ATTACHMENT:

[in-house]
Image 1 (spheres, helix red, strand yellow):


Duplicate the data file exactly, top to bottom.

[in-house]
Image 1 (spheres, helix red, strand yellow):